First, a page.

THE INTER PRAYER ROOM, DENIS HURLEY CENTRE

“If you are foreigner man living in Durban this program is gonna help you to improve your health and to prevent some kinds of diseases which can lead you to early death…”

The late winter sun and the hustling of taxis filter through the window to my back, I know Dr Emmanuel Tshimanga as a Congolese parking attendant at Davenport Shopping Centre here in Durban, South Africa. The Emmanuel in front of me here glows with some sort of inner light, he has such piercing eyes, doing now what has been bubbling up within him, trained as a doctor in the DRC and now just waiting for his South African Health Council number, he is here advising fellow foreign men on how to cope with their health.

The tall standing figure of Dr Tshimanga flows without effort between French, kiSwahili and English using voice, eyes and hands to get the 3 men on my right up to speed on the subject of stress.

I will come back for pictures when I have consent from the Director and of all in this room. For now I am just seeing my friend in a new light.

I now have some European editors in waiting for my proposed inner Durban City stories…

But without connection and trust these sort of stories will never touch down on sensor or film as still to be decided, so today is about connecting with a friend and building a trust for tomorrow…

 

 

 

…PHOTOGRAPHY A MIDDLE BROW ART

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A worker pauses from clearing graves for a smoke.

As JP Sudre states in Photography A middle-brow Art. “The subject that I photograph is ephemeral… photography alone captures a precise moment… which disappears and which cannot be brought back to life, hence my distress and also the essential originality of my profession. What could be more transient then a facial expression? Within these words of Sudre lies the importance of the cameras we as photographers use. Alongside the importance of the ephemeral moments that photography alone can capture, revisting the technology inherent in the camera systems that we use, as photographers trying to capture these moments, is of great importance too. I as a photographer use a ‘M6 rangefinder camera for important personal projects when possible.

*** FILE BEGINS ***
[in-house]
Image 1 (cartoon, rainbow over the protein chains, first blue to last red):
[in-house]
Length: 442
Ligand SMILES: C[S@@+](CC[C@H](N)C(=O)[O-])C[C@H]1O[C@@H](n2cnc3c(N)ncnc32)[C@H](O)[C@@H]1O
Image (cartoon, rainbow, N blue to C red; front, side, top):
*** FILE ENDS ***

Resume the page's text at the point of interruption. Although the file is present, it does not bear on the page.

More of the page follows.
IN EKUTHULENI TRANSIT CAMP

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Ekuthuleni Transit Camp in Durban, South Africa sits on a slope in T Section of Umlazi, it is next to a grave yard, above a sewage processing plant and just underneath high tension power lines and in the words of Bheki Mngadi a resident of the transit camp “there is an uneasiness to this place” – John Robinson

FAMILY PORTRAITURE…

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ROANNE TRIGG, Photo John Robinson